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Cutting edge technology to film endangered birds

Media release from
Elwin Productions/Huntaway Homestead Films
8 February 2008

Cutting edge technology used to film endangered birds in NZ

In a world first, Otago film company ELWIN Productions is using new High Definition technology to document a remarkable story following the struggle to bring the world’s rarest wild parrot back from the brink of extinction.

‘Code of the Kakapo’, a co-production between ELWIN Productions in Dunedin and Huntaway Homestead Films in Queenstown, is an intimate look at one of the world’s leading conservation programmes.

This is the third year of filming the Department of Conservation’s elite Kakapo Recovery Team on Codfish Island and ELWIN Productions filmmaker Scott Mouat says that the 90 minute feature-length film will be the first of its kind in both content and technology used.

“Although male Kakapo have been filmed before, no one has seen or filmed the act of mating. In a first, I have been given access to one of the males during the mating process. And, I’ve been loaned the only camera in the world that can capture this in high definition.”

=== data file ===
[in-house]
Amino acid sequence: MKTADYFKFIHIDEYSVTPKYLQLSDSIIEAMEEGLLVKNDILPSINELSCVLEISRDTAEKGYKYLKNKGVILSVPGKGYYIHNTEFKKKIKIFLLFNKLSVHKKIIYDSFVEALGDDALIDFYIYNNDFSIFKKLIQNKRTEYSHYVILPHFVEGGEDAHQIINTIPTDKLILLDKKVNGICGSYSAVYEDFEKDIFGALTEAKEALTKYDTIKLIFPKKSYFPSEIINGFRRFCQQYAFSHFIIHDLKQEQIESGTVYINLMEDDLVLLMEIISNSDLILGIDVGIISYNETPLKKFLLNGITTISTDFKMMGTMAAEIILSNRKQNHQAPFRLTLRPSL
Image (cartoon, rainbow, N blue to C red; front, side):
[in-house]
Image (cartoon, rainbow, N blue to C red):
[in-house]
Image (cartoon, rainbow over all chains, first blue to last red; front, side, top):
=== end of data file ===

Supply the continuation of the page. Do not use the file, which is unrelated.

The film will be recorded with groundbreaking NHK camera technology and presented in High Definition (HD), a format six times more detailed than a normal television image.

Through a mix of dramatic reconstruction and archive footage ‘Code of the Kakapo’ will uncover the first attempts made to save the species. Then it will follow the current events and watch as the recovery team battles to save the species and use artificial insemination to produce the world’s first Kakapo chick by this means.

“Due to the shy nature and nocturnal behaviour of the Kakapo, infrared is our only option for filming without the birds being aware of our presence.”

“NHK has supplied the camera to us for one month with the possibility of extending the loan if we are getting good results,” says Scott.

Some crucial funding for the project has been received through sponsorship by Jack’s Point, a unique community development conceived by visionary Queenstown businessman John Darby, but more financing-described by the producers as critical parrot seed funding - is being urgently sought.

Dunedin based production company NHNZ has continued its generous support of the project by providing the producers with an extensive array of other specialist equipment for the shoot. NHNZ was also instrumental in helping broker the unique deal with NHK which secured the use of the HD infrared camera.

Distribution rights for the film have been acquired by Astronought www.astronought.com.au.

ENDS

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